This is due not to faster export growth, however, but to a sharp slowdown in imports. And even if the contribution from net exports fell to zero, China's GDP growth would still be close to 9% thanks to strong domestic demand. The boost from net exports is in any case unlikely to vanish, even if America does sink into recession, because exports to other emerging economies, where demand is more robust, are bigger than those to America. According to Standard Chartered Bank, Asia and the Middle East accounted for more than 40% of China's export growth in the first ten months of 2007, North America for less than 10%.

Multiplier effects

China's economy is driven not by exports but by investment, which accounts for over 40% of GDP. This raises an additional concern: that weaker exports could lead to a sharp drop in investment because exporters would need to add less capacity. But Arthur Kroeber at Dragonomics, a Beijing-based research firm, argues that investment is not as closely tied to exports as is often assumed: over half of all investment is in infrastructure and property. Mr Kroeber estimates that only 7% of total investment is directly linked to export production. Adding in the capital spending of local firms that produce inputs sold to exporters, he reckons that a still-modest 14% of investment is dependent on exports. Total investment is unlikely to collapse while investment in infrastructure and residential construction remains firm.

An American downturn will cause China's economy to slow. But the likely impact is hugely exaggerated by the headline figures of exports as a share of GDP. Dragonomics forecasts that in 2008 the contribution of net exports to China's growth will shrink by half. If the impact on investment is also included, GDP growth will slow to about 10% from 11.5% in 2007. This is hardly catastrophic. Indeed, given Beijing's worries about the economy overheating, it would be welcome.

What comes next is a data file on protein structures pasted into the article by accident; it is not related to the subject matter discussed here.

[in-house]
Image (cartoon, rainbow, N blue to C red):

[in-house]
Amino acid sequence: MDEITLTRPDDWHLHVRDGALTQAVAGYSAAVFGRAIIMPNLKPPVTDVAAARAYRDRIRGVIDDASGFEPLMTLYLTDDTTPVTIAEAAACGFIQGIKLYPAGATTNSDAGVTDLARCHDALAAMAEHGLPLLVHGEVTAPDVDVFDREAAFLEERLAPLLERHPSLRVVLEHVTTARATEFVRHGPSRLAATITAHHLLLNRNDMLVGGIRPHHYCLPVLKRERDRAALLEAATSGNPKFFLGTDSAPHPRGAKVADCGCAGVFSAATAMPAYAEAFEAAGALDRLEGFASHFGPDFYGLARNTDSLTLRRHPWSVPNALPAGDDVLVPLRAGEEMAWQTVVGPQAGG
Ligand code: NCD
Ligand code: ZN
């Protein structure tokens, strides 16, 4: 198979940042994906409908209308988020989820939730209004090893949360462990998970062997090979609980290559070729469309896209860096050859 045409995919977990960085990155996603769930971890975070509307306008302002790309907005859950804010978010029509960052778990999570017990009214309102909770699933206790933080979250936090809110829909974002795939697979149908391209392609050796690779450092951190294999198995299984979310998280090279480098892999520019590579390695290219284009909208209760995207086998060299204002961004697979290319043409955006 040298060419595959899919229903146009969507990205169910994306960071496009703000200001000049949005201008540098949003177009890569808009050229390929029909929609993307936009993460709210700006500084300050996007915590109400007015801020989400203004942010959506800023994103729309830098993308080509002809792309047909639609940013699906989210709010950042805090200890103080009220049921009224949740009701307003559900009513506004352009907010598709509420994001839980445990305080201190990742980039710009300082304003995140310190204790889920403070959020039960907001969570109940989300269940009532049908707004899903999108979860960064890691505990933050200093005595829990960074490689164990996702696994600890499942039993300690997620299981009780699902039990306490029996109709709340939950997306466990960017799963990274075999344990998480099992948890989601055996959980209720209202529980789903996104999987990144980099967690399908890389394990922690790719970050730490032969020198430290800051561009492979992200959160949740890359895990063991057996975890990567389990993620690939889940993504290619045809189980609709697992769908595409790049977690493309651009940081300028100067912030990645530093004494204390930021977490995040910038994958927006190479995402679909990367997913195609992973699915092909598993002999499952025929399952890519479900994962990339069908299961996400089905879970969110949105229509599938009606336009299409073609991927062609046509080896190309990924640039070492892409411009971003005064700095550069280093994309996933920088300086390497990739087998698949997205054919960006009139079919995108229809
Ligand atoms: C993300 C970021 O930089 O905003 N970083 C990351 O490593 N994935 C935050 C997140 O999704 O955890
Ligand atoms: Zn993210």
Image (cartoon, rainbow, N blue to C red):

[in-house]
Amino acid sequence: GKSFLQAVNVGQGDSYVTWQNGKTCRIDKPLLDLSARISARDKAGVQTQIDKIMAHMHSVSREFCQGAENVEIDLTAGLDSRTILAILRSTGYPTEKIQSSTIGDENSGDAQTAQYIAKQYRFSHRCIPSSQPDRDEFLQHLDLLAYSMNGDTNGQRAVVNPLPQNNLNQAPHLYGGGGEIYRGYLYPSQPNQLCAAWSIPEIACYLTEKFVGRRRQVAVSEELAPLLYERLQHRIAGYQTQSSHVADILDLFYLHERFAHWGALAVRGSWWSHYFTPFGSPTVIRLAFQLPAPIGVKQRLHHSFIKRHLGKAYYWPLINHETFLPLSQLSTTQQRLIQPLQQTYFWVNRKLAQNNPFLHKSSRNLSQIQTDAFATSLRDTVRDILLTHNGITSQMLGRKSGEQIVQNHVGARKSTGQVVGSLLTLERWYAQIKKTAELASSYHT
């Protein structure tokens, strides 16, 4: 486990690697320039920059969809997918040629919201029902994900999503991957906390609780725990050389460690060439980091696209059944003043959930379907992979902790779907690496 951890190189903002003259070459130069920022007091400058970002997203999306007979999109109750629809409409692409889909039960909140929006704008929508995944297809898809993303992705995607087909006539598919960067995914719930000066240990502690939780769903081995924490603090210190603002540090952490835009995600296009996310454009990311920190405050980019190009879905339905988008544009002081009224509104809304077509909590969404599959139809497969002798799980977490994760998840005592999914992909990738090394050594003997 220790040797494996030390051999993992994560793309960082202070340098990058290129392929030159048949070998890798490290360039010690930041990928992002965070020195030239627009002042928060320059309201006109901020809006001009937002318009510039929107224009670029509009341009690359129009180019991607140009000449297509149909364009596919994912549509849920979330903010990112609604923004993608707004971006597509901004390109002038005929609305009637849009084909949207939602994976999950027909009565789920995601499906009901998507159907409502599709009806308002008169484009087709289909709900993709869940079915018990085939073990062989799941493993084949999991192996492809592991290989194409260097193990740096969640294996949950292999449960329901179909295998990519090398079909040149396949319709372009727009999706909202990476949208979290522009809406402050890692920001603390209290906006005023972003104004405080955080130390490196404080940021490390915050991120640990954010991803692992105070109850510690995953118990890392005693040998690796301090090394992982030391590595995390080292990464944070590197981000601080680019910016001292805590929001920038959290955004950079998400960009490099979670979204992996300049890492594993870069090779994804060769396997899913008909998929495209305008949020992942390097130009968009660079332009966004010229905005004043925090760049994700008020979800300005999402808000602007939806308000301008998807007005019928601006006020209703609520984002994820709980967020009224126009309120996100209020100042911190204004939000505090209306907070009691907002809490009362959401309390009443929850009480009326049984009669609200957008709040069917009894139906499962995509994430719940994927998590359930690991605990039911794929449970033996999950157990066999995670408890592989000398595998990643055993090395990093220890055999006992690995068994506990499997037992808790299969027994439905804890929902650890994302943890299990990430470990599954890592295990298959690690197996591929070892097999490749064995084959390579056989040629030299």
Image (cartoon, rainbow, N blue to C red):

The American government frequently accuses China of relying excessively on exports. But David Carbon, an economist at DBS, a Singaporean bank, suggests that America is starting to look like the pot that called the kettle black. In the year to September, net exports accounted for more than 30% of America's total GDP growth in 2007. Another popular belief looks ripe for reappraisal: it seems that domestic demand is a bigger driver of China's growth than it is of America's.


Copyright © 2008 The Economist Newspaper and The Economist Group. All rights reserved.
 

yongke

New Member
I agree with the last poster. The current inflation is Supply side, not Demand side. For example, the increase in fuel cost count as Supply, since it will cost company more money to buy fuel, which lead to increase in price. This have nothing to do with demand, which have no relation with fuel cost (they are not buying fuel after all).

There for, this "inflation" is more of an adjustment. If the price of pork rises by 50% and general inflation is less than 10%, then the farmer are making far more money than before.

In time, the price will settle to an equalibrium point and inflation will lower naturally.
 

ger_mark

Junior Member
Germany-China rail freight plan

A new rail freight service between Germany and China, that would be twice as quick as sea travel, has been backed by six countries, Chinese media says.